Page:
Like bugs to light, Republicans are attracted to 9/11 fear mongering, and with the flap over the proposed mosque and community center two blocks from Ground Zero, the man in charge of the GOP’s efforts to retake the Senate, Sen. John Cornyn suggested that the GOP is ready to make 9/11 an issue again this November, but by playing the politics of fear, the GOP could ensure failure in November.
According to The Hill, Cornyn all but came out and said that the GOP plans to make the “Ground Zero” mosque an issue in the 2010 midterm elections. He called Obama’s mosque comments out of touch, “It demonstrates that Washington, the White House, the administration, the president himself, seems to be disconnected from the mainstream of America. I think that’s one of the reasons why people are so frustrated. “This is not about freedom of religion. I do think it’s unwise to build a mosque in the site where 3,000 Americans lost their lives as the result of a terrorist attack.” He claimed that this proves that Democrats aren’t listening to the people and that, “The American people will render their verdict.”
On CNN’s State of the Union, Rep. Peter King (R-NY) continued to nationalize the issue, and repeated the GOP talking point that Obama is out of touch on the mosque, “What I am saying, though, is that they should listen to public opinion, they should listen to the deep wounds and anguish that this is causing to so many good people. And if the imam and the Muslim leadership in that community is so intent on building bridges, then they should voluntarily move the mosque away from ground zero and move it whether it’s uptown or somewhere else, but move it away from that area, the same as the pope directed the Carmelite nuns to move a convent away from Auschwitz. This is such a raw wound and they are just pouring salt into it. And that’s my point.”
Republicans just can’t resist. They nostalgically look back on the heady days of 2002 and 2004 when the politics of post-9/11 fear made the GOP unbeatable, and dreams of majority that would last for thirty years were being openly discussed. However the cracks in the 9/11 strategy were already starting to show in 2004, and when the GOP ran a national campaign based 9/11 fear in 2006 and 2008, they overwhelmingly lost. Now with an anti-incumbent landscape in 2010, Republicans are once again optimistic that this is their year, but if they insist on running on 9/11 and fear of Muslims again, it won’t be.
Republicans seem determined to run a national campaign against Obama, the Ground Zero Mosque, healthcare reform, and everything else they can think of, except the economy. The economy is the issue that is fueling voter anger, none of these other issues matter much to the nation at large. Instead of trying to duplicate 1994, or 2002, or 2004, Republicans need to realize that this is 2010, and the political climate and issues are different.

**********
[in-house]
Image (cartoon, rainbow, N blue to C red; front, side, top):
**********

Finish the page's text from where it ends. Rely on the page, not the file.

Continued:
The biggest change in climate that the GOP is facing is a lack of funds. It is one of the most poorly kept secrets in politics that the RNC is broke. As The Daily Caller reported last month, “One GOP operative with deep connections into the world of Republican finance claimed the RNC was “basically broke.” Another operative called the RNC’s “cash on hand” figure — $12.6 million in its June 20 filing – “pure fiction” and said the discrepancy is a “badly kept secret” in Republican circles.”
Politico reported on August 6 that the Republican cash crunch is so acute that it could prevent them from taking back the House. In 2006 the RNC gave $57 million to the House and Senate campaign committees. This year the RNC has had to tap into a line of credit and has only given $2 million to each of the committee. The RNC will only be able to assist in targeted House races, and will provide virtually nothing to non-congressional contests. Republicans have to hope that 527 groups can make up the cash difference, or else they can forget about having a big November.
Having the incumbent president in their party means that the DNC faces none of the financial woes of their GOP counterparts, which is why it is critical that Republicans must come to voters with the right message this fall. If the GOP decides to nationalize the Ground Zero Mosque issue, and it doesn’t resonate with voters, which it won’t outside of NYC, Republicans will have spent part of their valuable limited resources on a message that won’t help at the polls.
Democrats will be absolutely giddy if the Republican message is about 9/11, mosques, and healthcare, because they intend to campaign on fixing the economy. The Republican Party has become so myopic and homogeneous they have become the party that is out of step with America, not the Democrats. While the Ground Zero Mosque plays well with the base, most people would rather have a job than be reminded of 9/11.